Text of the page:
“I left graduate school during the high water mark of the Civil Rights Movement and the rise of Black Power in the 1960s. I was a theologian obsessed with civil rights and Black Power, since both of these movements helped me to see that God is found in the midst of the oppressed, fighting for dignity, justice, and respect … The heart of the Christian faith is the cross of Jesus, the one who shed his blood as a crucified victim in Jerusalem … No one can understand this Jesus … without seeing Jesus through the experiences of crucified peoples today. No people can understand the transforming power of Jesus except through the solidarity with the poor and the wretched among them,” adding: “God is always found where we least expect to find God, like in a manger in Bethlehem, on the cross in Jerusalem, or hanging from a lynching tree in America.”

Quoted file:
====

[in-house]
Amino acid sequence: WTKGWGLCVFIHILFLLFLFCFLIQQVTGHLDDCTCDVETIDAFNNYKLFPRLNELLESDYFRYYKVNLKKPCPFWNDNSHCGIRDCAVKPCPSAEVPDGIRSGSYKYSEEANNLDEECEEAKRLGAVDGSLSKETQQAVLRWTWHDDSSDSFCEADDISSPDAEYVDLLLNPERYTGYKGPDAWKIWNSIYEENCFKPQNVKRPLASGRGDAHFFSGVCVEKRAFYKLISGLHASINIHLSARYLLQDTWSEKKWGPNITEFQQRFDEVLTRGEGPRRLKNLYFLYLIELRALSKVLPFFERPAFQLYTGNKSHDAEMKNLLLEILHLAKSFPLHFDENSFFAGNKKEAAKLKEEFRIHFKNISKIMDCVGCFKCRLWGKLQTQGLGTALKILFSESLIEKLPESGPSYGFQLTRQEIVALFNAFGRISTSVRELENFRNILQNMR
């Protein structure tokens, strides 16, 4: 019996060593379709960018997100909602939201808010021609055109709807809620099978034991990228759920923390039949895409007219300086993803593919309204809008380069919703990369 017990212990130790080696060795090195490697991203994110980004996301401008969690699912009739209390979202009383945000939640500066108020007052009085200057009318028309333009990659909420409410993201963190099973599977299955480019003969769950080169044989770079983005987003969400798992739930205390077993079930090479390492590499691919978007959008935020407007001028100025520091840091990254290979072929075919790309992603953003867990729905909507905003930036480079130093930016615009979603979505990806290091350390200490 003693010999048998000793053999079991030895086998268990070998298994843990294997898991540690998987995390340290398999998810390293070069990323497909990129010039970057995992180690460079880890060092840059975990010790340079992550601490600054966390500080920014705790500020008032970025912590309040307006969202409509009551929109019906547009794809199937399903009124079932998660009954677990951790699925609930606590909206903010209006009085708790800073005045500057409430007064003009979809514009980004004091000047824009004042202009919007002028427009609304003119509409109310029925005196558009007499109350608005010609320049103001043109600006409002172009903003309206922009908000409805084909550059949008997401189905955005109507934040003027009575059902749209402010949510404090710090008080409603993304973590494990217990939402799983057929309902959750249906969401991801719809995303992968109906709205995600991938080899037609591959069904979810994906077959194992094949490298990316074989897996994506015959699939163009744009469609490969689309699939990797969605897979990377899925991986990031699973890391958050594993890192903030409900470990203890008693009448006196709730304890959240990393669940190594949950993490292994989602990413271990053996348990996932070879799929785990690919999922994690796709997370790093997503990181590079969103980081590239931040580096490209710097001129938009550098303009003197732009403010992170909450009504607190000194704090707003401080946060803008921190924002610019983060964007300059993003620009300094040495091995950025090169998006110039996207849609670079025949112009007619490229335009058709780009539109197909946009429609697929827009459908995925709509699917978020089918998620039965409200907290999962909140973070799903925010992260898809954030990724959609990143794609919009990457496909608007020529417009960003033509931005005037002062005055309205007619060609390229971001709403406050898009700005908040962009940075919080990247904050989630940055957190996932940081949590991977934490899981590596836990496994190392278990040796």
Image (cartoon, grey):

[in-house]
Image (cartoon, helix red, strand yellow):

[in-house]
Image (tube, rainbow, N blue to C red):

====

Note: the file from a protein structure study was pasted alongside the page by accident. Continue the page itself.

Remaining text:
The Cross and the Lynching Tree, he said, “is my prayer, my invocation to God, on behalf of Black people, in the hope that the nearly four centuries of Black suffering will be redemptive for our children and grandchildren, revealing to them the beauty in their tragic path, and also empowering them to continue to fight, to resist the violence of White supremacy. It is also my hope that Whites, too, will be redeemed from their blindness, and made to open their eyes to the terror of their deeds, so they will know that we are all of one blood, and what we do to others we do to ourselves.” He continued: “Literally and symbolically, biologically, and spiritually, Blacks and Whites and others are brothers and sisters. We need to start acting like that … Let us hope that we, through God’s grace and our struggle, we will be able to overcome our prejudices and hate that separate us, and thereby empower us to become the one people God created us to be.”